Shrewsbury Town Fall At The Last
Every club has a thing or two about it. Shrewsbury Town has several. The club’s former ground, Gay Meadow, was so close to a river that the club had to employ a man in a boat to fish out errant match balls on Saturday afternoons. Spinal Tap’s Derek Smalls was wearing a Shewsbury Town shirt when stopped by a metal detector in the 1984 film. No-one seems able to decide definitively whether it’s pronounced “Shroos-bury” or “Shrows-bury”, even though the locals themselves seem pretty much decided on the subject. “Salop” is used interchangeably as an alternate name for the county of Shropshire, an abbreviation for “Shropshire”, and an alternative name for the town of Shrewsbury itself.
Shrewsbury Town supporters walked out into the glare of the inside of Wembley this afternoon, possibly blinking slightly at the events of the last nine months or so. In 2004, the club was relegated from the Football League, although only for the one season. Subsequent to that, they sat in League Two until 2012, when they were promoted before being relegated straight back. At the 2014/15 season they were promoted again, and this time it has stuck… just. The last two seasons have seen Shrewsbury finish in twentieth and eighteenth place in the League One table respectively. This season, however, the stars have aligned. They went unbeaten until the 21st of October in the league, and were still at the top of the table as late as March, before slipping down to third place.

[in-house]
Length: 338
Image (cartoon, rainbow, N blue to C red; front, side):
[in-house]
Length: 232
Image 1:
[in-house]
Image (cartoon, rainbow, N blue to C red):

It has become a common trope in the play-offs that the team which gets closest to automatic promotion is most likely to suffer in the play-offs, having thrown their all into getting automatic promotion coupled with any disappointment from missing out. Shrewsbury, however, are at Wembley. They bounced back from this disappointment with a solid and convincing two-nil aggregate win against Charlton Athetic in the semi-finals of the play-offs, a result which hinted in more than one sense at a form of resilience which might have been overlooked somewhat as they slid from the automatic promotion places.
Eight minutes into their match against Rotherham United this afternoon they rode their luck, when Omar Beckles tangled unnecessarily with Richard Wood at far post from a corner. There was no doubt that it was a penalty kick, but David Ball’s kick was weak, and Dean Henderson calmly palmed the ball to one side. Shrewsbury slowly started to get into the game after this but were second best for long spells ,and though there was something ironic to the fact that the first goal of the game came after their best spell of pressure and their best chance – a glanced header from Carlton Norris which floated across the Rotherham goal and dropped just wide – when Richard Wood escaped the grasp of Beckles to score from the far post.
By half-time, though, it was difficult to argue that Rotherham’s lead wasn’t a fair reflection on the balance of play to that point. Shrewsbury had played as possibly as it was possible to imagine they would, and their deficit might have been even worse, had David Ball’s penalty not been as poor as it was. Rotherham also dominated large spells of the opening period of the second half, but thirteen minutes in, that damned inner reilience kicked in again. When a free-kick was awarded on the left-hand side of the Rotherham penalty area, it was the already the most significant attacking movement that they’d managed since half-time.